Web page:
I am new to group cohomology and Tate cohomology.

I have some questions in that regard. I have not yet understood exactly what information we hope to gain from the (Tate) cohomology modules.

i) What is the significance in studying $\hat{H}^{*}(G,\mathbb{Z})$ versus $\hat{H}^{*}(G,M$), where M is some $\mathbb{Z}G$-module?

ii) How is cohomology with integral coefficients related to mod-p cohomology? That is what information does one gain by studying $\hat{H}^*(G,\mathbb{Z})$ versus $\hat{H}^*(G, \mathbb{F}_p)$?

iii) Are there differences/similarities between the rings $\hat{H}^*(G, \mathbb{F}_p)$ and $\hat{H}^*(G, \mathbb{Z}/p\mathbb{Z})$, where the former is computed with $\mathbb{F}_p$ regarded as a trivial $\mathbb{F}_pG$-module, and the latter is computed by viewing $\mathbb{Z}/p\mathbb{Z}$ as a trivial $\mathbb{Z}G$-module? Are these exactly the same?

I would also be interested in examples, need not be too detailed, that would illustrate what changes when one changes coefficients like above.


Of course, I couldn't give a complete answer, but I can give a few remarks :

  1. Well, of course, $\mathbb{Z}$ is a $\mathbb{Z}[G]$-module, so you can say that it makes sense to study first a specific, not too complicated module, before considering general ones. Especially since it is a module that appears a lot in mathematics ; for instance, when you study Pontryagin duality, you use $\hat{H}^{n+1}(G,\mathbb{Z}) = \hat{H}^n(G,\mathbb{Q}/\mathbb{Z})$ a lot. The relation $Hom_G(\mathbb{Z},M) = M^G$ makes $G$-morphisms $\mathbb{Z}\rightarrow M$ very interesting, and they induce maps $\hat{H}^n(G,\mathbb{Z})\rightarrow \hat{H}^n(G,M)$. It also has some interesting properties in itself : it is torsion-free (so for instance $H^1(G,\mathbb{Z})= 0$) ; it satisfies $\mathbb{Z}\otimes M = M$ for any $G$-module $M$ (very useful for cup-products because you get $\hat{H}^p(G,\mathbb{Z})\times \hat{H}^q(G,M)\rightarrow \hat{H}^{p+q}(G,M)$), and in particular $\mathbb{Z}\otimes\mathbb{Z} = \mathbb{Z}$ which implies that $\hat{H}^*(G,\mathbb{Z})$ is a graded ring.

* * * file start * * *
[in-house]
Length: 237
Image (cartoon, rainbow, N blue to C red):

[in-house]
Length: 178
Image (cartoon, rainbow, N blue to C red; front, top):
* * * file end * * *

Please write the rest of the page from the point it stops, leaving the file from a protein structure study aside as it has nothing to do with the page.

2. You mention yourself the second point : it reduces modulo $p$, so understanding $\hat{H}^n(G,\mathbb{Z})$ gives information on all of the $\hat{H}^n(G,\mathbb{F}_p)$, since there is the reduction map $\hat{H}^n(G,\mathbb{Z})\rightarrow \hat{H}^n(G,\mathbb{F}_p)$. You even get from $0\rightarrow \mathbb{Z}\rightarrow \mathbb{Z}\rightarrow \mathbb{F}_p\rightarrow 0$ the exact sequence $0\rightarrow \hat{H}^n(G,\mathbb{Z})/p\hat{H}^n(G,\mathbb{Z}) \rightarrow \hat{H}^n(G,\mathbb{F}_p)\rightarrow \hat{H}^{n+1}(G,\mathbb{Z})[p]\rightarrow 0$ which gives lots of information. The point is that $\hat{H}^*(G,\mathbb{Z})$ simultaneously controls (at least partially) all the $\hat{H}^*(G,\mathbb{F}_p)$.

  3. There is (unless I'm mistaken) no difference between the two objects you describe, because the category of $\mathbb{F}_p[G]$-modules is the same thing as the category of $\mathbb{Z}[G]$-module that are a $p$-torsion groups. So computing an injective resolution of $\mathbb{Z}/p\mathbb{Z}$ in either category makes no difference, and $Ext_{\mathbb{Z}[G]}^n(\mathbb{Z},\mathbb{Z}/p\mathbb{Z})$ is the same as $Ext_{\mathbb{F}_p[G]}^n(\mathbb{F}_p,\mathbb{Z}/p\mathbb{Z})$ (and likewise for $Tor$).

  • $\begingroup$ Could you add why one would care about mod p cohomology in the first place? $\endgroup$ – Ali Caglayan Aug 5 '17 at 10:25

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